A new report from an economic consultant estimates the true cost of preventing global warming, and prepare yourself for some sticker shock:
- Preventing global warming would cost the world economy a devastating $18 trillion (£9.9 trillion) even under the most conservative assumptions, a report out this week will warn.
The cost, equivalent to 45 per cent of world gross domestic product for a year, is much greater than any conceivable benefit, according to the report from top economic consultants Lombard Street Research.
Charles Dumas, author of the study, said: "This is orders of magnitude greater than the cost of dealing with higher sea levels and freak weather, net of land gains in Canada, Siberia and other cold areas in thousands of square miles."
The costing is based on the assumption that cutting global warming would require reducing the world's consumption of oil and energy, and that this in turn would reduce global growth by 0.5 percentage points a year for five years. The $18 trillion figure is the net present value of that reduction. Growth is then assumed to get back to its long-term rate, an estimate which the author says is very conservative and probably hugely underplays the true cost of attempting to deal with climate change.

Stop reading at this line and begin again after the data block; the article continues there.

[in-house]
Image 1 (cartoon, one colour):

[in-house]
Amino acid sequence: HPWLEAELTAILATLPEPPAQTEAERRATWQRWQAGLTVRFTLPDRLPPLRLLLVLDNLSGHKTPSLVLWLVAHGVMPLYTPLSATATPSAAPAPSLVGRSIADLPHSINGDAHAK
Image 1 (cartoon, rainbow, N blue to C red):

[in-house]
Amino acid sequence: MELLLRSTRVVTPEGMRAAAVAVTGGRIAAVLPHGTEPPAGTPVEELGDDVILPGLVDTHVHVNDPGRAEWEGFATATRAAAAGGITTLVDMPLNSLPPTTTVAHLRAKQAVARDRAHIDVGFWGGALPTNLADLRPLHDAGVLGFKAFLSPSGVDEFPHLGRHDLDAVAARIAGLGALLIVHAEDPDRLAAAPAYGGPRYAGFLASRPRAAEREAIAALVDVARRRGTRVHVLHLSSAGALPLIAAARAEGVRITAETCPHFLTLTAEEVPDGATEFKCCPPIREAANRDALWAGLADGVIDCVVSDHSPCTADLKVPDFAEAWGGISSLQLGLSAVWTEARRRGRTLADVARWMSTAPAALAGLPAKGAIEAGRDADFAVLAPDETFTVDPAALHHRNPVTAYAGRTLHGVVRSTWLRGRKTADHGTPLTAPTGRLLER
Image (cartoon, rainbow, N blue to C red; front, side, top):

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No serious economic cost-benefit analysis will ever recommend taking the radical steps required to prevent global warming, the Lombard Street Research study says.
Dumas said: "The proposed Kyoto treaty limits would in no way prevent global warming. In reality, nobody seriously proposes a cure for global warming, because adequate measures would cause economic catastrophe and probably world war."
No wonder that the world's top economists ranked Kyoto and other climate change measures at the bottom of the list of solutions to the world's most pressing issues.